The Golden Move
Today we are going to see just one move. Disappointed? Well you shouldn't be. This move was considered the best move ever played. That's a matter of opinion, of course; but the fact is that spectators tossed gold coins on the board after it was played!
Why did they do that? I guess they wanted to show how impressed they were by the amazing move. I haven't heard of any spectators doing that recently. At least, nobody has thrown gold coins on my board! I am still waiting for that to happen...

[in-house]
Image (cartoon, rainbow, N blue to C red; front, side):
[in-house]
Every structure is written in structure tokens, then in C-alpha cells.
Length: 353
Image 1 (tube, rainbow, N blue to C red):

This move was played by the American chess player Frank Marshall. Marshall was the champion of the United States from 1909 to 1936 - twenty seven years! That's the longest anyone has been U.S. Champion.
His famous move was played in a game as black against Stephan Levitsky in Breslau, 1912.
Marshall is up a knight, but he has a problem. His queen is under attack and if it moves White might play Rc7, threatening checkmate. Also, in some cases White might be able to take the black rook on h3. Marshall found a brilliant move which caused his opponent to resign immediately, and also caused spectators to shower the board with gold coins!
Marshall himself said that 23...Qg3!! was "The most elegant move I have ever played." That's a great thing about chess - when you sit down at the board to start a game, you never know what might happen.